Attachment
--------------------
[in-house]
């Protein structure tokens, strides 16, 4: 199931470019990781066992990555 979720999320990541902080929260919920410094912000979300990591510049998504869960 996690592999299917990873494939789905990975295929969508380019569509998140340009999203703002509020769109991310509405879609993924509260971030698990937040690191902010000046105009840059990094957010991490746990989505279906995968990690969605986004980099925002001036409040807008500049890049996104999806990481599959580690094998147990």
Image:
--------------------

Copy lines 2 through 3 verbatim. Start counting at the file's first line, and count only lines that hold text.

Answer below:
């Protein structure tokens, strides 16, 4: 199931470019990781066992990555 979720999320990541902080929260919920410094912000979300990591510049998504869960 996690592999299917990873494939789905990975295929969508380019569509998140340009999203703002509020769109991310509405879609993924509260971030698990937040690191902010000046105009840059990094957010991490746990989505279906995968990690969605986004980099925002001036409040807008500049890049996104999806990481599959580690094998147990």
Image: